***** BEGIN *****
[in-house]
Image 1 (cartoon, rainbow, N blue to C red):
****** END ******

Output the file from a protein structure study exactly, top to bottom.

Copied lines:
[in-house]
Image 1 (cartoon, rainbow, N blue to C red):